South33 (30.84)60 (28.44)
Midwest21 (19.63)47 (22.27)
West coast20 (18.69)35 (16.59)
“How long have you been in practice?”1–10 years21 (19.63)54 (25.59)
11–20 years29 (27.10)78 (36.97)
21–30 years40 (37.38)57 (27.01)
31–40 years17 (15.89)22 (10.43)
“What is your gender?”Male101 (94.39)189 (89.57)
Female6 (5.61)22 (10.43)

Bevacizumab for “Self” Versus “Patient” in Survey 1

Patient DescriptionX2P ValueOdds Ratio (95% CI)
Phakic, 35 years old, and has BDR< 0.00010.268 to 0.610
Phakic, 35 years old, and has non-high-risk PDR< 0.00010.278 to 0.632
Phakic, 35 years old, and has moderate glaucoma and BDR0.00010.301 to 0.680
Phakic, 65 years old, and has BDR0.00010.296 to 0.674
Phakic, 65 years old, and has non-high-risk PDR0.00030.309 to 0.703
Phakic, 65 years old, and has moderate glaucoma and BDR0.00020.304 to 0.690
Pseudophakic, 65 years old, and has BDR< 0.00010.284 to 0.649
Pseudophakic, 65 years old, and has non-high-risk PDR0.00020.301 to 0.685
Pseudophakic, 65 years old, and has moderate glaucoma and BDR0.00010.296 to 0.672
Phakic and has not responded to anti-VEGF therapy0.68090.295 to 6.473
Pseudophakic and has not responded to anti-VEGF therapy0.20740.449 to 40.14

Aflibercept for “Self” Versus “Patient” in Survey 1

Patient DescriptionX2P ValueOdds Ratio (95% CI)
Phakic, 35 years old, and has BDR< 0.00012.079 to 5.678
Phakic, 35 years old, and has non-high-risk PDR< 0.00011.978 to 5.316
Phakic, 35 years old, and has moderate glaucoma and BDR< 0.00012.136 to 5.674
Phakic, 65 years old, and has BDR< 0.00011.931 to 5.210
Phakic, 65 years old, and has non-high-risk PDR< 0.00011.927 to 5.108
Phakic, 65 years old, and has moderate glaucoma and BDR< 0.00012.004 to 5.230
Pseudophakic, 65 years old, and has BDR< 0.00011.721 to 4.775
Pseudophakic, 65 years old, and has non-high-risk PDR< 0.00012.117 to 5.835
Pseudophakic, 65 years old, and has moderate glaucoma and BDR< 0.00012.022 to 5.257
Phakic and has not responded to anti-VEGF therapy0.56740.388 to 1.681
Pseudophakic and has not responded to anti-VEGF therapy0.62710.273 to 2.189

Geographic Distribution of Bevacizumab Use in Survey 1

Patient DescriptionX2P ValueOdds Ratio (95% CI), Northeast vs. SouthOdds Ratio (95% CI), Northeast vs. MidwestOdds Ratio (95% CI), Northeast vs. West Coast
Phakic, 35 years old, and has BDR0.00091.435 to 4.1581.302 to 3.9841.514 to 5.158
Phakic, 35 years old, and has non-high-risk PDR0.00041.655 to 4.8231.282 to 3.9221.471 to 4.987
Phakic, 35 years old, and has moderate glaucoma and BDR0.00121.519 to 4.3941.016 to 3.0861.462 to 4.930
Phakic, 65 years old, and has BDR0.00041.430 to 4.5131.266 to 3.8761.758 to 6.015
Phakic, 65 years old, and has non-high-risk PDR0.00021.592 to 4.6371.307 to 4.0001.718 to 5.855
Phakic, 65 years old, and has moderate glaucoma and BDR0.00071.436 to 4.1671.156 to 3.5341.671 to 5.686
Pseudophakic, 65 years old, and has BDR0.00071.339 to 3.9151.195 to 3.6901.780 to 6.109
Pseudophakic, 65 years old, and has non-high-risk PDR0.00031.422 to 4.1601.468 to 4.5451.731 to 5.920
Pseudophakic, 65 years old, and has moderate glaucoma and BDR0.00151.437 to 4.1741.212 to 3.7041.484 to 5.025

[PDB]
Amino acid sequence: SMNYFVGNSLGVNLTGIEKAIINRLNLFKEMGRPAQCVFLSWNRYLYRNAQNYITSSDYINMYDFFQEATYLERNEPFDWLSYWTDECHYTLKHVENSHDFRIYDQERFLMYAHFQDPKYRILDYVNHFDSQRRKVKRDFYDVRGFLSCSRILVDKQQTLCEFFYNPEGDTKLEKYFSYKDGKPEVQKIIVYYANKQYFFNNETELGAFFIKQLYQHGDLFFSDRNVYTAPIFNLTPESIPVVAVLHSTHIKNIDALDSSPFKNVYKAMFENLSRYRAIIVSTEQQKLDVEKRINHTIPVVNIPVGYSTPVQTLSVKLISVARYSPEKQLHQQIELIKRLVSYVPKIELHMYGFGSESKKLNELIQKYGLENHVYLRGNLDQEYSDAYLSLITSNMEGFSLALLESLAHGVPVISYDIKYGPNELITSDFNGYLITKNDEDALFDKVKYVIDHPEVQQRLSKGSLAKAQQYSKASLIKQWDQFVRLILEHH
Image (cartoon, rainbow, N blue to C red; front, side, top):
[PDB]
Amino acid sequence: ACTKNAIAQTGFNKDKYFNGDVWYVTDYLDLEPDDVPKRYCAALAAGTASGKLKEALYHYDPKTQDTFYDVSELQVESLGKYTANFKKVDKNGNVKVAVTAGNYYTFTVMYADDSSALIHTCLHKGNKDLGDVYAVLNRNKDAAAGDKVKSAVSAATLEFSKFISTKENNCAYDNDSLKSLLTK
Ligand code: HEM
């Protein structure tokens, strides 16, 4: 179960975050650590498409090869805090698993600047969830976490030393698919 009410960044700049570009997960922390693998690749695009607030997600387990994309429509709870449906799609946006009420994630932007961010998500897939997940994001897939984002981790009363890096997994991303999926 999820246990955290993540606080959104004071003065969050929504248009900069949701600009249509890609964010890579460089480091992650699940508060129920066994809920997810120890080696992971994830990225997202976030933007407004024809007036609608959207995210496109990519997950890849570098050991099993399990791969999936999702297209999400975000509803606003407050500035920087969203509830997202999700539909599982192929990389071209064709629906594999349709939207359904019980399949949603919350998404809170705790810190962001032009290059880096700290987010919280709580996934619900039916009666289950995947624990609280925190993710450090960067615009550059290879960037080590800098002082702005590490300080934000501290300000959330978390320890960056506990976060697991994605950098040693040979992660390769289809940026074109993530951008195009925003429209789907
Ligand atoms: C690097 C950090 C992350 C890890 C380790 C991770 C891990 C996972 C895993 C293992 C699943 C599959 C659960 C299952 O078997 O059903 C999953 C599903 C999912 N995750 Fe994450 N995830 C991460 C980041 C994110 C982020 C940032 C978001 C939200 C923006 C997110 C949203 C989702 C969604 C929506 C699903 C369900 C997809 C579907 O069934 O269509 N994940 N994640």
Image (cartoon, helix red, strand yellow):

Phakic and has not responded to anti-VEGF therapy0.94010.285 to 11.3290.206 to 11.364<0.001 to >999.999
Pseudophakic and has not responded to anti-VEGF therapy0.88150.061 to 8.1570.238 to 13.699<0.001 to >999.999

Bevacizumab for “Self” Versus “Patient” in Survey 2

VA 20/40 or BetterVA 20/50 or Worse
Patient DescriptionX2P ValueOdds Ratio (95% CI)X2P ValueOdds Ratio (95% CI)
Phakic, 35 years old, and has BDR0.11620.892 to 2.8240.20840.790 to 2.950
Phakic, 35 years old, and has non-high-risk PDR0.07890.942 to 2.9940.13440.855 to 3.236
Phakic, 35 years old, and has moderate glaucoma and BDR0.04681.008 to 3.2360.23230.769 to 2.959
Phakic, 65 years old, and has BDR0.30580.759 to 2.4150.28900.740 to 2.747
Phakic, 65 years old, and has non-high-risk PDR0.06870.960 to 3.0670.19270.798 to 3.067
Phakic, 65 years old, and has moderate glaucoma and BDR0.26240.781 to 2.4810.28190.737 to 2.849
Pseudophakic, 65 years old, and has BDR0.05280.993 to 3.2360.16850.816 to 3.205
Pseudophakic, 65 years old, and has non-high-risk PDR0.06200.973 to 3.1450.07550.938 to 3.704
Pseudophakic, 65 years old, and has moderate glaucoma and BDR0.41130.715 to 2.2730.36520.694 to 2.695
Phakic and has not responded to anti-VEGF therapy0.39280.264 to 29.4120.15340.546 to 47.619
Pseudophakic and has not responded to anti-VEGF therapy0.31450.319 to 34.4830.96910.059 to 18.868

Geographic Distribution of Bevacizumab Use in Survey 2

VA 20/40 or better

Patient DescriptionX2P ValueOdds Ratio (95% CI), Northeast vs. SouthOdds Ratio (95% CI), Northeast vs. MidwestOdds Ratio (95% CI), Northeast vs. West Coast

Phakic, 35 years old, and has BDR0.01580.549 to 2.5091.524 to 7.2990.736 to 3.823
Phakic, 35 years old, and has non-high-risk PDR0.01620.579 to 2.7471.524 to 7.3530.879 to 4.586
Phakic, 35 years old, and has moderate glaucoma and BDR0.00620.684 to 3.1671.815 to 8.9290.852 to 4.516
Phakic, 65 years old, and has BDR0.01730.730 to 3.4501.567 to 7.6340.983 to 5.292
Phakic, 65 years old, and has non-high-risk PDR0.02420.692 to 3.2441.499 to 7.2990.905 to 4.820
Phakic, 65 years old, and has moderate glaucoma and BDR0.02060.632 to 2.9701.486 to 7.1430.922 to 4.901
Pseudophakic, 65 years old, and has BDR0.02890.727 to 3.5381.511 to 7.5190.828 to 4.624
Pseudophakic, 65 years old, and has non-high-risk PDR0.04770.618 to 2.9791.272 to 6.2110.971 to 5.249